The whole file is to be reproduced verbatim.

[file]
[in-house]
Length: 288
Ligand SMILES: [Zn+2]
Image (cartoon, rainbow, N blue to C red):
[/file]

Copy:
[in-house]
Length: 288
Ligand SMILES: [Zn+2]
Image (cartoon, rainbow, N blue to C red):